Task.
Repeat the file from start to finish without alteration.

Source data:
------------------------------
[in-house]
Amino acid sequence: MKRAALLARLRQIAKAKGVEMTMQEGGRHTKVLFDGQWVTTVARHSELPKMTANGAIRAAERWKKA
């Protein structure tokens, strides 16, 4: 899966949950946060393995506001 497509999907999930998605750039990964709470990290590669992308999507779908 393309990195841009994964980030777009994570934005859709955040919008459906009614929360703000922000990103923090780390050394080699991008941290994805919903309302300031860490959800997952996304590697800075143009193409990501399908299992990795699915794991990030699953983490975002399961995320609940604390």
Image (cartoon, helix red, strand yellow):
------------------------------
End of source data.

[in-house]
Amino acid sequence: MKRAALLARLRQIAKAKGVEMTMQEGGRHTKVLFDGQWVTTVARHSELPKMTANGAIRAAERWKKA
């Protein structure tokens, strides 16, 4: 899966949950946060393995506001 497509999907999930998605750039990964709470990290590669992308999507779908 393309990195841009994964980030777009994570934005859709955040919008459906009614929360703000922000990103923090780390050394080699991008941290994805919903309302300031860490959800997952996304590697800075143009193409990501399908299992990795699915794991990030699953983490975002399961995320609940604390």
Image (cartoon, helix red, strand yellow):